• OBC access does not violate a birth parent’s privacy rights because there is no public disclosure. Only the adoptee whose birth occasioned the creation of the original birth certificate would have access to it.
  • The original birth certificate was not sealed to protect the identity of the birth parent. The original birth certificate is sealed upon the decree of adoption, not upon the birth parent’s relinquishment. If protection of the birth parent were intended, the original birth certificate would be sealed upon termination of her ior his legal relationship to the child, not at the beginning of the legal relationship of the adoptive family. Even today, with records still sealed in most states in the U.S., birth parents must consider their responses to being found, since anonymity could never be guaranteed.
  • Birth parents give up their legal relationship with their children when they sign irrevocable relinquishment documents. The state must not allow birth parents to reappear decades  later and make encumbrances upon the civil and human rights of adult adoptees.
  • Only a tiny handful of birth parents want to conceal their identities from their children. Their possible embarrassment does not outweigh the civil and human rights of millions of U.S. citizens to their identity and to equal protection under the law.
  • There is no real conflict of interest between birth parents and adoptees. The apparent conflict is a creation of the opposition to OBC access, primarily a section of the adoption industry, which fears its past misdeeds coming to light and of special interest groups who use adoption secrecy to promote their own agendas which have little or nothing to do with adoption.
©2012. Bastard Nation: The Adoptee Rights Organization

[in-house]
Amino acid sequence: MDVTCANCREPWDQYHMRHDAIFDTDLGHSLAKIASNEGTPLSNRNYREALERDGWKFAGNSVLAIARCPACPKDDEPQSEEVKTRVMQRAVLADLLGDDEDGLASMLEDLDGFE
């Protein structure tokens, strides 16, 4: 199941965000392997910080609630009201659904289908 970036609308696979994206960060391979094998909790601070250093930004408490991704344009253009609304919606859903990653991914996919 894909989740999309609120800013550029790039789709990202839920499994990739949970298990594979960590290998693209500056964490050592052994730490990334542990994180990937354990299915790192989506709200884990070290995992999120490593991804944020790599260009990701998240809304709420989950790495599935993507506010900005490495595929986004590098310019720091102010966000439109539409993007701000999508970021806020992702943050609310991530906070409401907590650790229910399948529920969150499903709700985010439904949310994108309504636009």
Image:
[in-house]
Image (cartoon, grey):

Bytes: pro-live conservative endorses open records


Opening birth records does not cause a rise in abortion rates. We have often heard the opposite argument coming from those involved in the adoption industry and from a few pro-life proponents. When questioned, their position is explained by stating that they have counseled birth mothers who would rather abort than face the possibility that their child may, one day, come looking for them. They state that it is better to save one child than to risk causing the abortion by opening birth records. This reasoning is, at the very least, one-sided and narrow. The argument is, at the most, extreme and haphazard.

Birth mothers have also stated that they would rather abort than face the possibility that their adoptees would not have the right to choose contact. Some past birth mothers have traveled to states where birth records were not sealed so that their child would have the right to choose. One must agree, then, that those who demand to seal the birth records also place potential adoptees in danger. They sensationalize their argument to stir up emotion without considering that their position, in some cases, also leads to abortion.

Kansas and Alaska have long enjoyed the status of being open records states and also have some of the lowest abortion rates in the nation. When my home state, Alabama, opened their birth records to adoptees. Women have not run screaming to the abortion clinics. In fact, there has been very little opposition or even notice that the birth records were opened. It would seem that whether or not a state has unsealed their birth records to adoptees has very little bearing on a woman’s decision about abortion.

The current trend in America is for unwed mothers to keep their babies, or to opt for open adoption. Society has changed and the social stigmas once attached to unwed mothers are lifting. The result is a fall in the rate of traditional adoptions. We believe that the adoption industry is more upset about this fact than they are about abortion. The fact that open adoptions have become so popular with young birth mothers seems to prove that these women wish to be more involved in the adoption process, not to join some fictional birth mother witness protection program.

If one thinks logically through the argument of whether or not open records lead to abortions, one must conclude that the truth does not exist in the extreme. The truth does not exist in the scare tactics used by those who are only concerned with producing more adoptable children. The truth abides in the fact that adoptees who have already grown into responsible adults are treated as though they are dangerous criminals and are denied the simple right to obtain a copy of their original birth certificates.

The Reverend Jeff Gilbreath
Ordained Southern Baptist Minister,